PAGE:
By: Allison Trimble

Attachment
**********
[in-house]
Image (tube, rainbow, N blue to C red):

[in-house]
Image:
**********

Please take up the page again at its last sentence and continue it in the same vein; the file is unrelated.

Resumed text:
The U.K. Information Commissioner’s Office announced it will impose the maximum fine of $660,000 for Facebook’s breach of the U.K. Data Protection Act (see Notice of Intent). The breach, which includes both the failure to safeguard personal information and the failure to provide transparency as to how personal information was harvested by others, is tied to the Cambridge Analytica scandal in which the personal information of 87 million Facebook users was improperly shared with third parties without such users’ consent. The ICO initiated the investigation of Cambridge Analytica following reports that personal information from Facebook had been misused by political campaigns during the 2016 referendum on the U.K.’s membership within the European Union (see Investigation Update). Based on Facebook’s 2018 net profits, sources speculate it would take the tech giant a mere 18 minutes to pay off the fine. In contrast, had the breach occurred following the enactment of the European Union’s General Data Protection Regulation, Facebook might be facing much steeper fines of the greater of $23.5 million or 4% of its annual global turnover (based on Facebook’s 2018 net profits, this would equal approximately $1.6 billion). Facebook still has the opportunity to respond to the Information Commissioner’s Office prior to it making its final decision which is slated to occur later this month.